Has your Twitter page transformed into the new format yet? If not it will very soon (like probably today!)
There are many interesting changes and plenty of places to learn what you need to know, so I won’t go into those details here.
There is, however, a small but not-so-minor change that will be of interest to businesses using Twitter as one of their marketing tools. Twitter’s new format emphasizes the “name” associated with the account rather than the @username, that was previously the highlighted identifier.
The name might be a person’s actual name, but can be whatever the account holder has chosen. In some cases it’s the name of a company or some combination of a name, company, word, etc.
This change has significant implications for branding yourself or your company.
For example, I have two Twitter accounts – one for myself as associated with my company Christine Green Consulting, and one that is associated with my mobile marketing and text messaging service.
My first account has the username of @ChristineGreen_ and the name associated with it is Christine Green. No surprise.
My second Twitter account has the username of @MobileMrketing but also has the name Christine Green associated with it.
When I first launched that account the name associated with it was “Bost MobileMrketing.” I choose to do this temporarily for branding while I was building the website.
I was also curious to see how followers would interact with an account that had no web link and no identified person behind it. I did attract followers slowly but surely. I still have a rather small following and am not very active on the account yet, but once the Boston North Mobile Marketing site was launched, I added that link and changed the name to my own.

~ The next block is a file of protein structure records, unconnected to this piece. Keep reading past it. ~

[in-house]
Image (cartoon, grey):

In the old Twitter format I was being branded primarily as @MobileMrketing because that username was most prominent. It was shown first and was larger and bolder than my name.
In the new format the opposite is true. The person’s name is now first (or at the top), large and bold.
This changes the way you are identified and perhaps even how you are perceived. Have you been branding yourself by your username or as your name? For some of you they are the same, but for many, your @username has become well known and even its own brand.
The example that comes to mind immediately is @Pistachio who is Laura Fitton. She is well know in the Twittersphere and co-author of Twitter for Dummies. To be honest I followed her for almost a year before I knew her name!
But check out how she shows up in the new profile:
In both of these screenshots you can barely see, much less notice her @Pistachio username.
So what does this reformatting mean for businesses using Twitter for marketing?
Mostly, you need to be aware of this change. You or your social media marketing consultant or staff can decide if you need to take any action. The good news is that you can change your username or your name. I wouldn’t advise changing your username since it has been your brand to many of your followers. (I am not sure what happens if you change your username but I assume you would keep your followers).
You may however, want to change the name associated with the account. If it’s your own name, I’d recommend keeping it, but if it is a made-up word or combination “name” you will want to assess the impact of it now being front-and-center. Now’s the time to make a change if you believe another name will improve your branding.
A final consideration related to your Twitter identity, is the photo or image that you use with your account. Now, more than ever, the image that represents your account is critical. If you aren’t crazy about it, change it now to assist with your branding.
The new format is an exciting change for this micro-blog. Hopefully it will stay the same long enough to allow businesses to optimize it for marketing…unlike another social media venue, (which will go unnamed) that changes almost daily! #FB
P.S. As you can see, my Twitter accounts aren’t exactly brimming with followers, but you can change that! Let’s connect!